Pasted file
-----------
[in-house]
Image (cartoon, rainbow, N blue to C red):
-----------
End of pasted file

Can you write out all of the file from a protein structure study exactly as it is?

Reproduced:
[in-house]
Image (cartoon, rainbow, N blue to C red):